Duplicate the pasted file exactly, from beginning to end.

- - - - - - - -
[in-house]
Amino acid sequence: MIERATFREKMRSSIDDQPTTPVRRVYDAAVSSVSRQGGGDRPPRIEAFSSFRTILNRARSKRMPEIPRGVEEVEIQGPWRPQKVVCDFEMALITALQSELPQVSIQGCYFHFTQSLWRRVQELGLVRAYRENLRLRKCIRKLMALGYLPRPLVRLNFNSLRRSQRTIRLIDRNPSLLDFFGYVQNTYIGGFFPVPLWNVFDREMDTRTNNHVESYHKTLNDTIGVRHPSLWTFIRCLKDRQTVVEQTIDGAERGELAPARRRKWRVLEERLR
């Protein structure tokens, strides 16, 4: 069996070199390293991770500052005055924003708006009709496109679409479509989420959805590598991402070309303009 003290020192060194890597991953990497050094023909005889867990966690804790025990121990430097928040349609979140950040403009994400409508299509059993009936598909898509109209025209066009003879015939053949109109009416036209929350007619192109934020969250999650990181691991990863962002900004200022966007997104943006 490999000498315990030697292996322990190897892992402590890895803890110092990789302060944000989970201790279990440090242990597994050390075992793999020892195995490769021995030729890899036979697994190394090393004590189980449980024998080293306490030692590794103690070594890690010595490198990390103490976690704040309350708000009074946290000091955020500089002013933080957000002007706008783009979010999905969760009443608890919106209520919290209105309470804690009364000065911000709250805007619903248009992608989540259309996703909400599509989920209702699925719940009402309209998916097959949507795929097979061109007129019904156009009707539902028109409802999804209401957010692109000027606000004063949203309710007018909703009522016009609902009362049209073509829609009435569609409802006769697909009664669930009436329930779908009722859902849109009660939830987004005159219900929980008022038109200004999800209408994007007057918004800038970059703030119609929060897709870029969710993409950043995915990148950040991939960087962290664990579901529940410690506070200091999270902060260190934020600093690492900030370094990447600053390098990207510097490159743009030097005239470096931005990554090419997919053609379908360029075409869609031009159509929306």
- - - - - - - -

[in-house]
Amino acid sequence: MIERATFREKMRSSIDDQPTTPVRRVYDAAVSSVSRQGGGDRPPRIEAFSSFRTILNRARSKRMPEIPRGVEEVEIQGPWRPQKVVCDFEMALITALQSELPQVSIQGCYFHFTQSLWRRVQELGLVRAYRENLRLRKCIRKLMALGYLPRPLVRLNFNSLRRSQRTIRLIDRNPSLLDFFGYVQNTYIGGFFPVPLWNVFDREMDTRTNNHVESYHKTLNDTIGVRHPSLWTFIRCLKDRQTVVEQTIDGAERGELAPARRRKWRVLEERLR
């Protein structure tokens, strides 16, 4: 069996070199390293991770500052005055924003708006009709496109679409479509989420959805590598991402070309303009 003290020192060194890597991953990497050094023909005889867990966690804790025990121990430097928040349609979140950040403009994400409508299509059993009936598909898509109209025209066009003879015939053949109109009416036209929350007619192109934020969250999650990181691991990863962002900004200022966007997104943006 490999000498315990030697292996322990190897892992402590890895803890110092990789302060944000989970201790279990440090242990597994050390075992793999020892195995490769021995030729890899036979697994190394090393004590189980449980024998080293306490030692590794103690070594890690010595490198990390103490976690704040309350708000009074946290000091955020500089002013933080957000002007706008783009979010999905969760009443608890919106209520919290209105309470804690009364000065911000709250805007619903248009992608989540259309996703909400599509989920209702699925719940009402309209998916097959949507795929097979061109007129019904156009009707539902028109409802999804209401957010692109000027606000004063949203309710007018909703009522016009609902009362049209073509829609009435569609409802006769697909009664669930009436329930779908009722859902849109009660939830987004005159219900929980008022038109200004999800209408994007007057918004800038970059703030119609929060897709870029969710993409950043995915990148950040991939960087962290664990579901529940410690506070200091999270902060260190934020600093690492900030370094990447600053390098990207510097490159743009030097005239470096931005990554090419997919053609379908360029075409869609031009159509929306």